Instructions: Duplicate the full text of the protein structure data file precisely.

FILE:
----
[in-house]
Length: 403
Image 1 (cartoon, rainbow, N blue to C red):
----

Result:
[in-house]
Length: 403
Image 1 (cartoon, rainbow, N blue to C red):